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Home > People > Michael Jordan Switches to Baseball

Michael Jordan Switches to Baseball

This article tells about Michael Jordan's baseball career with the Birmingham Barons/

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G.O.A.T Burnout

Michael Jordan, well-known as one of the greatest basketball players of all-time, always dreamed of playing major-league baseball. And thus, in 1994, the three-time NBA champion and MVP decided to take a break from the sport to pursue his lifelong dream of baseball. It had been a tough year for Michael. Between the grind and rigors of an extended basketball season, and the recent murder of his father, Michael was burnt out and needed a new challenge. The 31 year-old basketball legend would start off with the Chicago White Sox AA minor-league affiliate team known as the Birmingham Barons. He'd be coached by future big-league manager Terry Francona.

New Horizons and Challenges

While many saw it as a publicity stunt, Jordan was "dead serious" about baseball according to his hitting coach Walt Hriniak. He was usually the first person to arrive at practice in the morning and the last to leave. Although he was a good ball player as a kid, he had to learn to throw a ball correctly, hit different kinds of pitches, and play defense at a high level. Furthermore, he had to get used to a much less glamorous life than he was used to. Minor league baseball players don't travel on private jets or stay in luxury hotels, although Michael was able to procure a luxury bus for his teammates. Despite the vast differences between being an NBA superstar and a minor-league baseball player, Michael was reportedly an excellent teammate who would sign autographs and memorabilia for all of his starstruck teammates, and for the thousands of fans who now flocked to Birmingham to see him play baseball. Minor league baseball stadiums rarely achieve sellouts, but whether in Birmingham, or, in other stadiums, Michael's Barons always sold out.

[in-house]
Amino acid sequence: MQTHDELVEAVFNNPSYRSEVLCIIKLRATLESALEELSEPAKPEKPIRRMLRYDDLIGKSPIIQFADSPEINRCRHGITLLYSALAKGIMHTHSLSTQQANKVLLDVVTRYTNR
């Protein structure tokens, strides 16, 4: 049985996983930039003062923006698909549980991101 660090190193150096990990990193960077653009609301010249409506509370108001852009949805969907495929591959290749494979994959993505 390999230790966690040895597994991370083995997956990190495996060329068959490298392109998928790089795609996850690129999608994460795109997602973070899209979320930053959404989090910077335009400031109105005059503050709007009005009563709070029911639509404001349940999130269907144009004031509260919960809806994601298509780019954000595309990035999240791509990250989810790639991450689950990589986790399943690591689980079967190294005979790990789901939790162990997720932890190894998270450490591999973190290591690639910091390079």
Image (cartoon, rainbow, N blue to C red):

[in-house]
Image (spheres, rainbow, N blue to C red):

The Potential was There

Michael's baseball career was short-lived. Although he batted a mere .202, which would be considered a very low average, he stole 30 bases and drove in 51 runs during the summer of 1994. Some of his teammates and coaches believed that Michael could have possibly progressed to the Major Leagues. We will never know, of course, but during the summer of 1994, Michael left a strong impression. According to his coach, Terry Francona, " He respected the game. I love the guy. And I don’t love the guy just in the press. I love the guy. I respect him. I appreciate how he handled everything.”

Back to Hoops

With talk of an impending strike in Major League Baseball, Michael decided to return to basketball for the 1994-1995 season. He'd pick up right where he left, and would lead the Chicago Bulls to three more championships.



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